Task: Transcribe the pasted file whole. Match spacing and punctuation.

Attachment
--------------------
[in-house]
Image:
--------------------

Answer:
[in-house]
Image: